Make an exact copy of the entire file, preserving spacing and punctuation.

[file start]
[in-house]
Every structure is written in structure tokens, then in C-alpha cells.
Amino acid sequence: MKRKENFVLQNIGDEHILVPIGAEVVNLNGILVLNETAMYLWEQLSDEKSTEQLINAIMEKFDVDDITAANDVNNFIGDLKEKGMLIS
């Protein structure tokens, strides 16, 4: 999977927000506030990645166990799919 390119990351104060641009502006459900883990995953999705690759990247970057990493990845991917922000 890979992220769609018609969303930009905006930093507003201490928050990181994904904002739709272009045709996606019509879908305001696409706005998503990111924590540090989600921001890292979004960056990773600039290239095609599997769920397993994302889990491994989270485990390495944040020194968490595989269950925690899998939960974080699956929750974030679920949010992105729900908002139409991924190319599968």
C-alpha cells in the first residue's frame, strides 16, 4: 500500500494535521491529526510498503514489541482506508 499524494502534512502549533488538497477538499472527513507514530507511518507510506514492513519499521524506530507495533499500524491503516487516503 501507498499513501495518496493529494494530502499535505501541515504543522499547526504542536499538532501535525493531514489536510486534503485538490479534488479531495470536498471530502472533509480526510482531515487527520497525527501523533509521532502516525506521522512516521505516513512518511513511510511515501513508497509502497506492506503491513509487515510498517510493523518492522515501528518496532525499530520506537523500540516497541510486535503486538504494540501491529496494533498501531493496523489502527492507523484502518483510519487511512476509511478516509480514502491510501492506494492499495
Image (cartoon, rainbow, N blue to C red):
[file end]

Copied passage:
[in-house]
Every structure is written in structure tokens, then in C-alpha cells.
Amino acid sequence: MKRKENFVLQNIGDEHILVPIGAEVVNLNGILVLNETAMYLWEQLSDEKSTEQLINAIMEKFDVDDITAANDVNNFIGDLKEKGMLIS
């Protein structure tokens, strides 16, 4: 999977927000506030990645166990799919 390119990351104060641009502006459900883990995953999705690759990247970057990493990845991917922000 890979992220769609018609969303930009905006930093507003201490928050990181994904904002739709272009045709996606019509879908305001696409706005998503990111924590540090989600921001890292979004960056990773600039290239095609599997769920397993994302889990491994989270485990390495944040020194968490595989269950925690899998939960974080699956929750974030679920949010992105729900908002139409991924190319599968």
C-alpha cells in the first residue's frame, strides 16, 4: 500500500494535521491529526510498503514489541482506508 499524494502534512502549533488538497477538499472527513507514530507511518507510506514492513519499521524506530507495533499500524491503516487516503 501507498499513501495518496493529494494530502499535505501541515504543522499547526504542536499538532501535525493531514489536510486534503485538490479534488479531495470536498471530502472533509480526510482531515487527520497525527501523533509521532502516525506521522512516521505516513512518511513511510511515501513508497509502497506492506503491513509487515510498517510493523518492522515501528518496532525499530520506537523500540516497541510486535503486538504494540501491529496494533498501531493496523489502527492507523484502518483510519487511512476509511478516509480514502491510501492506494492499495
Image (cartoon, rainbow, N blue to C red):